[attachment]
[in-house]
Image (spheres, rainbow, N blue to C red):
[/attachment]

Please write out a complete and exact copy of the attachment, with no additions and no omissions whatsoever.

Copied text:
[in-house]
Image (spheres, rainbow, N blue to C red):